Snowdrops could be a symbol for the weather or time of year. The candles could be for religious reason but my thoughts are that Heaney wanted to create mood and atmosphere using candlelight, as a gloomy and spiritual atmosphere. Candles soothing the bedside are an effective use of personification because it makes you feel as though the candlelight isn’t sinister in anyway and that is peaceful. Heaney talks about his brother as being ‘paler now’ this is Heaney’s expression of guilt that he feels.
In the last stanza Seamus Heaney illustrates to us his final words to his brother, the last time he sees him he displays pure emotion that is a contrast to most of the poem where he shows no emotion.
‘Wearing a poppy bruise on his left temple, he lay in the four foot box as in a cot. No gaudy scars the bumper knocked him clear’ the poppy bruise may be a symbol for needless death, or the size, shape and colour of the bruise.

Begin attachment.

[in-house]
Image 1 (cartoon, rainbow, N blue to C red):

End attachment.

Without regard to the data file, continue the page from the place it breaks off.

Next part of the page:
No gaudy scars, is to show that at his age he did not understand how such a small bruise could have killed him, if the body had scars and mutilated body parts he would understand his death more, which would have probably left Seamus Heaney wondering about it most of his childhood. The final words of the poem ‘a four foot box, a foot for every year.’ This is a simple yet emotionally crippling sentence, which will leave the writer close to tears; the amazement that the writer portrays this statement through a child makes you think of what children think of in such a situation like death, the sentence is short which emphasises it.
To conclude my critical essay, this poem is a wonderful piece that has been enjoyed for many years. The writer shows emotion and thought with such technique that the reader can almost visualise the events that happened. This is a perfect example of a sad poem that I have read in English.

| Posted on 2011-02-20 | by a guest


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first of all the poem conveys different peoples attitude to the poet\'s dead brother.